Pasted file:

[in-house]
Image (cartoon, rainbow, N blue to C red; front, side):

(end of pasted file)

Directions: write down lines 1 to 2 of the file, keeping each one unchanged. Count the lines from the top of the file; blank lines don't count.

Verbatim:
[in-house]
Image (cartoon, rainbow, N blue to C red; front, side):